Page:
5 moments that changed Bitcoin forever
Bitcoin has come a long way in just over a decade, but there have been several key milestones shaped its journey through the years. In this article, we're taking a quick look at some of those key moments and how they influenced Bitcoin's progression at a practical level.
#1: The Genesis Block - January 3, 2009
With the world reeling from the 2008 financial crisis, a cypherpunk who went by the name of Satoshi Nakamoto mined the first block in the Bitcoin blockchain, known as the genesis block.
Impact: Though Satoshi previously announced his intentions in a whitepaper sent to a cypherpunk mailing list, the genesis block served as the moment Bitcoin transitioned from a thought experiment or academic exercise to a live protocol. The world's first viable cryptocurrency had begun.
#2: P2SH Activation - Spring 2012
In the early years of Bitcoin, it was easy to lose funds. Off-the-shelf hardware wallets didn't exist yet. Unless they had technical knowledge about complex scripts, Bitcoiners were far more likely to protect their funds with a single key, which left vulnerable to hacks and accidental loss.
Pay-to-Script-Hash (P2SH) allowed users to more easily leverage multisig, a setup that protects bitcoin with multiple private keys. The Bitcoin network enabled P2SH transactions in a soft fork that took place around March 2012, a notable milestone nearly a year after Satoshi's disappearance.
Impact: Bitcoin needed secure storage capability and a life of its own to succeed as a store of value. P2SH brought much-needed stability to Bitcoin's user experience and paved the way for digital sovereignty...and for Casa!
#3: Mt. Gox Collapse - February 2014
The Bitcoin network is more than just software. The human network of Bitcoiners plays a crucial role in how Bitcoin evolves. Bitcoiners learned a costly lesson in February 2014 when popular Bitcoin exchange Mt. Gox filed for bankruptcy.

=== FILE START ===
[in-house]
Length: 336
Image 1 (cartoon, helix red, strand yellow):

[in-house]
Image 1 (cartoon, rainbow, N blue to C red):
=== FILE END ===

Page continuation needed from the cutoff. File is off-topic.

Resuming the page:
An estimated 850,000 bitcoin was lost — nearly 7% of the total bitcoin supply at the time. The exchange went offline, preventing Bitcoiners from withdrawing their bitcoin. About 200,000 bitcoin was recovered, but creditors would have to wait in line for years before they could reclaim their funds.
Impact: Not your keys, not your bitcoin. If an exchanges hold the private key to your bitcoin, it isn't really yours. The sting of Mt. Gox lives on in the Bitcoin community as a reminder to take ownership of your money.
#4: The Blocksize War - 2015 to 2017
Bitcoin is hard to change by design. As long as you adhere to the protocol rules, you can run any software you want and participate in the Bitcoin network. If you break the rules, the network rejects your transactions.
That concept was put to the test in the mid-2010s. A harsh debate developed over how to scale Bitcoin, specifically the amount of data that could be processed in each block.
On another level, the debate revealed disagreement over Bitcoin's primary function. Small blockers preferred an airtight store of value. Big blockers preferred a more nimble medium of exchange. Many big blockers eventually channeled their frustrations into creating hard forks of Bitcoin that resulted in other blockchains, all of whom failed.
Eventually, the Bitcoin network activated SegWit, a soft fork with scalability improvements.
Impact: While technical, the blocksize debate cemented Bitcoin's reputation as a robust network resistant to change and proved no single entity controls Bitcoin. Network consensus continues to be debated to this day.
#5: Taproot Activation - November 2021
Bitcoin upgrades don't necessarily have to be contentious. Taproot, the first network upgrade since SegWit, was activated in November after years of careful vetting from Bitcoin developers.
Taproot provides the network with privacy and scaleability improvements, such as lower transaction fees and Schnorr signatures, which make it harder to differentiate between single-sig and multisig wallets.
Impact: It's often said in tech that you should "move fast and break things." That couldn't be further from the truth with Bitcoin. When you're securing a network with more than $500 billion in value, you need to tread carefully. The Taproot upgrade proved network upgrades are possible with broad technical consensus.
Check out the below article for a more in-depth explainer of how Taproot works.
Have peace of mind about your bitcoin
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